Mahatma Gandhi National Rural Employment Guarantee Act (NREGA) has managed to not only provide employment and reach the poorest of the poor, but has also reduced caste conflicts in India.
Eleven years since its inception, India’s National Rural Employment Act (NREGA) has managed to garner a host of opinions, primarily focussing on the politics of the programme. Prime Minister Narendra Modi, in his maiden Budget speech in 2015, said, "My political understanding says never end MNREGA. I can't make this mistake because MNREGA is an epitome of your (Congress) failure. After so many years of being in power, all you were able to deliver is for a poor man to dig ditches a few days a month.”
However Prof James Manor, Emeritus Professor of Commonwealth Studies, believes otherwise. Based on his extensive quantitative field research over 12 regions across India, he says that this welfare scheme is,
The biggest poverty programme in the world, even bigger than the programmes in Brazil, China and South Africa. This NREGA is something special; we understand that and protect it.
The opponents of NREGA have criticised the scheme for its overarching expenditure, with a few economists stating that a mere 12 paise out of every rupee spent reaches the right beneficiary. However, one cannot deny that this programme is the biggest scheme since Independence that has aimed to cater to the poorest of the poor in the country.
By providing 100 days of guaranteed employment to the poorest of the poor in rural India, NREGA reduced poverty by at least 25 percent since 2004-05, according to the National Council of Applied Economic Research. This Act successfully covered the entire country by 2008. A 10 year report on 'MGNREGA- The journey of a decade' by the Agriculture Ministry, stated that the scheme witnessed an expenditure of Rs 313,844.55 crore till 2016 and close to 71 percent of this amount has been spent on wage allocations.
Prof Manor says, "It was not wasted money; it enabled very poor people to improve their nutrition substantially, which means that they became more capable of making a better living, with improved education and health opportunities. NREGA encouraged demands for rights by the poorest people, and that is quite important."
Through 19.8 billion person days, NREGA not only enabled poor people to get more money through wages from hard work but it also strengthened them politically and reduced poverty. By injecting money into panchayats and mandating set amount to be allocated in state budget, everybody in the village, including the disadvantaged, adivasis and the Dalits became active in village politics. The disadvantaged groups noticed that “serious money” was available and “serious decisions” were being made in the panchayats.
Because poor people became more active politically, at panchayat and local politics level, NREGA increased their political capacity. This means four different things—their political awareness, their political skills in operating in local politics, their confidence as political actors and their political connections to other poor people or to allies who were not poor—add up to their political capacity.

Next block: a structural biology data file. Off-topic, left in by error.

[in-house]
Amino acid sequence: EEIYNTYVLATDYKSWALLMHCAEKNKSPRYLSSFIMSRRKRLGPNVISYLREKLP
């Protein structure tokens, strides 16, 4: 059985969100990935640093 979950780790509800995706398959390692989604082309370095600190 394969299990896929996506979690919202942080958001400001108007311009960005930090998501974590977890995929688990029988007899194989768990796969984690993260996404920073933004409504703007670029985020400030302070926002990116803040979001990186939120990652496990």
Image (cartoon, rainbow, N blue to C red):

The transparency mechanism envisioned by the Act revealed attempts of the local powerful people to steal local money. This, in turn, pushed poor people to become more active. “If you strengthen their political capacity you reduce one important part of their poverty,” Prof Manor adds.
Women dominate the NREGA work in rural India, with a staggering 40 percent plus workforce as of 2015, and the number is increasing each year. Irrespective of their caste, creed or the gendered roles imposed on them, this Act treated all workers as equals. Further, the money earned through this project was directly transferred to their bank accounts, providing perhaps, the first opportunity for women to earn independently.
The bank accounts were in the name of the women folk and not of their husbands or fathers, thereby strengthening women and providing them a space to come out in the public arena.
NREGA work was considered to be a highly respected work. It was, after all, government work. It was much more respectable than working for landlords who might abuse women because of their lower caste status, Prof Manor says.
The caste hierarchy in villages is largely rejected since 1994 and the disadvantaged groups such as Dalits, Schedules Castes and Tribes are challenging and breaking down the old social order. While there are variations from region to region, Prof Manor says that the trend is strong and fairly consistent.
As a result social tensions arise because disadvantaged groups are not accepting hierarchy. And although you get more violence, you also get more accommodation and agreement between caste groups when things get tensed. And accommodation prevents violence; agreements between caste to avoid violence certainly outnumber serious violence in a big way.
However, this acceptance is not a result of sympathy. Rather, it is because of the higher caste or the land-owning caste groups have had a change of mind. They calculate and reason that the cost of violent action against the disadvantaged groups is too great. “They will get into all kinds of problems with the civil society organisations, the media, the police and the courts if they become violent,” he adds.
Inclusive social welfare schemes, like NREGA, have been successful in incorporating the interests of even the most disadvantaged castes groups, as a result of which caste violence is slowed down. And given the recent tough times that spelled droughts and crop failure in India, this scheme is the difference between survival and non-survival for the rural farming and cultivators section.
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